Whistler Blackcomb by Blake Jorgenson -
Although all surveys are agreed that Chinese ski participation is on the rise, there is considerable confusion as to the exact numbers involved. According to statistics from the China Ski Association around 10 million Chinese, one per cent of the population, skied by 2015. The luxury-retail website Jing Daily claimed 20 million. Rapid growth in the Chinese ski industry was documented in the 2012 CTC Study, which reported an increase from 10,000 skiers in 1996 to “around a reported five million” in 2010. Whichever figure is correct, what is certain is that numbers are increasing. And officials hoped that the media spotlight from the Winter Olympics bid could encourage many more to get out on to the slopes.

Snowmaking at Wanlong Ski Resort, China
The CTC report also points out that “China is the third largest outbound tourist market in the world, and it is still growing.” The CTC thinks that Canada is well-positioned to take advantage of the growth in Chinese ski tourism due to high awareness created by the Vancouver Olympics as well as targeted marketing efforts emanating from Canadian resorts. “It is also essential for those marketing Canada’s ski destinations to recognize that Chinese tourists see skiing/snowboarding as a potential vacation activity, but are unlikely to plan an entire vacation around skiing/snowboarding. At this point in time the best way to bring these travellers to Canadian slopes is to include skiing/snowboarding outings in vacation packages with other activities,” it recommends.
Changbaishan (CBS)
Aspen Snowmass Ski Simulator
The growing trend in sport tourism from China has been noted in Aspen Snowmass, too, where Chinese skier numbers have doubled. The Aspen Skiing Company went to Hong Kong recently, bringing a skiing simulator which mimics downhill delights in an attempt to encourage participation. 

Aspen Skiing Company in China
 Sonia Bekhaazi, Sales & Marketing Manager for Aspen Skiing Company, has been engaged in relationship building both in China and during home resort FAM trips with ski-focused tour operators. "All of the business that takes place in China is a result of relationship building," says Bekhaazi. "Our core relationships are what fuel opportunities, contacts etc. Relationships also lend you credibility as a brand. We have established partnerships with very select businesses that help us to access a specific target market of skiers who travel internationally."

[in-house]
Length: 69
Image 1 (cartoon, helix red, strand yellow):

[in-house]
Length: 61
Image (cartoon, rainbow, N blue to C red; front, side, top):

Aspen Snowmass's strategies focus on high touch events including VIP on hill and dry slope clinics with top instructors. And brand awareness is at the forefront of all these activities. "We actively seek promotional opportunities in traditional and social media channels," she explains. "Our current following on Weibo boasts 56,000 and is growing at a rapid pace. At the same time, we also have a heavy focus on building booking channels and connections in country that enable guests to make reservations." 
Promo billboards during Aspen Snowmass China sales mission
One of Aspen Skiing Company's aims is to engage more Chinese speaking instructors. "Currently we are looking at a small number but aim to grow this in the next few years," says Bekhaazi. "A natural product of our sales missions in country help to establish relationships between our hiring staff and Chinese nationals.  In short, our sales missions to China encourage the opportunity to work with talented bilingual instructors."

FAM trip to Aspen Snowmass in December
Bekhaazi, who is in the process of learning Chinese herself, says the resort is planning a Chinese language resort guide. Several restaurants and hotels already offer authentic Chinese menu items, and some provide a Chinese welcome letter for guests upon check-in, as well as kettles and tea packages. "Of course, I would always encourage more community participation which I anticipate will evolve over time," she adds.

For more on the origins of skiing in China and an overview of China's contemporary ski-sphere, check out Jordan Manley's evocative film:

And to read about the Canadian perspective on this subject, please check out my article in the Calgary Herald: